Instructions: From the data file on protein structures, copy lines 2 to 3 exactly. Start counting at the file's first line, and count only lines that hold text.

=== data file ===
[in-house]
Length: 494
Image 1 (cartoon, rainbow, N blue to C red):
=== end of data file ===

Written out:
Length: 494
Image 1 (cartoon, rainbow, N blue to C red):